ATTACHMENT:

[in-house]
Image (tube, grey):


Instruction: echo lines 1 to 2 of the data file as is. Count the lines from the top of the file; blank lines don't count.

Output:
[in-house]
Image (tube, grey):